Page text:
I understand that given everyone uses gmail, hotmail or mail provided by
some multinational hosting service they assume mail coming from
residential connections cannot be other thing but spam sent from hacked
machines.  But someone paying for a static IP in a residential
connection is the opposite case.  When you have to deal with thousands
of users you resort to any trick you find on the Internet and start to
blindly blacklist all; this is a big servers problem.  And the more
users you have to deal with the worse.  On the contrary, from my part, I
have just a pair of personal addresses, so it's not a big deal for me to
audit my server and use more sane, less harmful and, overall, more
effective measures to filter spam and to prevent spam be sent from my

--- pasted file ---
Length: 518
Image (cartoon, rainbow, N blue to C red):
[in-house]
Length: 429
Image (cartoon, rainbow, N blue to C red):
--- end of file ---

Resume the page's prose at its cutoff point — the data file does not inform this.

machine.  And I think this is the direction everyone should point to
instead of resting day after day more and more on big companies for
everything.  In general, everyone should tend to decentralize instead of
monopolize.  The real problem is the passive attitude most people assume
in the use of the Internet (and life in general but I don't want to bore
you with cheap philosophy. :-))

> Regards,

Thank you for your advice.

+1, way more spam comes from universities and enterprise machines than
residential static ips with PTR records. It is not your error to fix.

BTW Microsoft have their own SPF sign up thing but if I recall it was too
much hastle and maybe pay for.

Keep ignoring those that suggest using your ISP, why would you send *all*
your mail through a likely untrustworthy mail system.

Just accept that hotmail users often fish mail out of spam because the big
mail systems are crappy.

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